Tom Perrotta head shot

Tom Perrotta On Choices, Changes, and the Holes Where People Used to Be

Q: I agree.

A: On the contrary, though, there have been people who — The Great Gatsby was a young book, and there have been a number of writers who wrote their young book and they never reached those heights again. On the other hand, there are people like Roth who have this late flowering and it’s very different from the early work. In some ways, it’s a kind of rejection of the early work, but is every bit as substantial and probably more important than the early work. So, you look at people like that, I certainly look at him as a kind of inspirational figure, and there have been others. But then you have the Updikes who seemed stronger when they were younger and there was a kind of almost wild erotic energy running through the work. And I think Roth has figured out how to live without that. I think Updike never really did. And it does leave your work, I think. I must say when you’re young, or when I was young, love and sex seemed to be the only stories worth telling, you know? And now it’s like they’re certainly stories worth telling, but they’re not the only stories to tell.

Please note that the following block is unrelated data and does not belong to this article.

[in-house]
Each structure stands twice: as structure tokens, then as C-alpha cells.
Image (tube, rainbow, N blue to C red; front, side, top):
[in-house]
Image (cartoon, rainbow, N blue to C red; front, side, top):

Q: And I think that fiction writers are given almost complete latitude in that way in a way that a lot of other artists are not.

A: I do feel like it’s one of the compensations for doing a somewhat unglamorous job. I mean, there’s a certain glamour in literature, but it’s not music and it’s not the movie business. But you can be middle-aged and older, although celebrity culture has affected even this. It’s really great if you are a really attractive woman in her late 20s publishing her first novel because people want to post your picture everywhere. If you’re a middle-aged person that’s publishing your first book, it might well get read, but you’ll probably get less publicity because your picture isn’t as appealing to look at, you know? I mean, there are stories to be told, particularly about older women writers. I talk to enough photographers who do author photos and there’s so much anxiety around them because publishers will just tell you, “We don’t like your picture. You need to look younger. You need to look prettier.”

Q: Wow.

A: You can’t imagine. I mean, Eudora Welty or someone, part of the greatness of these Eudora Welty photos is you see her aging face, you know? And it’s just a sense of who she is.